Wenceslas’ writing yarn: 1: Sword fights

I am getting asked sometimes how I write my stories, or what kinds of books I like, or if I’d like to read something other people have written. So I thought I’d start giving some advice for writing in fantasy and science fiction. I’ve been a writer since I was 11 years old. If you start at that age, you are prone to be making a lot of mistakes when writing.

I don’t have a very long attention span when it comes to books, and only a few books manage to hook me. It may be just how I am, I may have Attention Deficit Hyperactivity Disorder (it is very likely I have that), or I just may be too picky, put it the way you want. But I don’t like books that are boring. If you send me your book, I might put it aside after reading the first page, so be warned👁

First, I’d like to discuss one of my favourite “blunders” I sometimes read in books, one that very likely causes me to put the book aside or thumb to the next chapter at once. It is sword fights. You know which ones I am talking about. They’re ubiquitous. You will stumble upon them sooner or later if you read any fantasy novel.

Those swords fights usually go down like this:

“He drew his sword and attacked. The other guy leapt aside and parried. Then the guy charged again and swung his sword. The other guy whirled out of his way and stabbed his sword at him. The first guy dodged the attack and attacked. The other guy dodged and attacked with a roar.”

If you have managed to read the whole swordplay you have earned my respect. I already stopped reading while writing it, it’s so boring.

Sword fights like this can make you put the best fantasy novel down. If I see that a few pages of swordplay are about to happen in a book, I skip it and start reading again a few pages later. Because I don’t even want to read the somewhat bearable ones. They are boring, and I hate them.

But why are tense, dramatic sword fights so boring in books? In a movie, sword fights are one of the coolest things. Swords are cool things! Why can’t we describe them in a way that they don’t become torture for our readers? I made the same mistake when I wrote my first sword fights.

The problem is actually in our language, and in the way writing works. Language is arranging words one after the other, from left to right. When we describe things, we tell one after the other. That’s how language and writing work. When we see swordplay in a movie, a lot of things happen simultaneously. That’s not possible to describe in language. “He attacked and then dodged the attack” is still a chain. And that’s what takes the tension and action away from sword fights when writing them.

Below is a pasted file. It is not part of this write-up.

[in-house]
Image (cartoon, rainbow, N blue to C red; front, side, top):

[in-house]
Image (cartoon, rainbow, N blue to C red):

I’ve tried to put that into a little coordinate system:

The problem that we need several minutes to read a sword fight that lasts only a few seconds, is what takes the perceived tension out of the writing. So how could we describe the sword fight?

Feelings and noise instead of stratagems

I know, I know. Feelings? How’s that supposed to be more interesting than the fight? But if you describe a sword fight from point of view of a third person, try to describe what the person feels while watching the fight, instead of telling us everything you know about fencing theory. You could describe the noise, the clangour of the two blades clashing together in the crisp cold air in the snow-spangled wood where the fight takes place. You could describe that the third person doesn’t pity the guy that’s bleeding from a hideous gash, because maybe they are a foe. Maybe the third person is revolted, amused, aghast at how shoddy his pupil parries. There must be something he observes.

Short scenes that make the reader imagine the fight

You don’t have to describe every hit, stab, jolt. You could describe what the third person sees in short sentences that make the reader imagine what happens.

A minute later, there was a pandemonium of swords and spears clashing, men roaring, and blood spilling cloaks

Instead of:

A minute later, the warriors charged and and the first rows clashed together violently. The knights swung their swords and attacked and were met by a row of men with spears, who responded to their attack by piercing their cloaks.

That doesn’t mean you can’t describe a fight like that, I also understand that sometimes you just have to try and hit those 100 000 words. But don’t describe too much; your reader should be capable of imagining what goes on if you describe swords and spears, the metallic clangour in the cold air, and the blood spilling the white snow (or some of that ilk).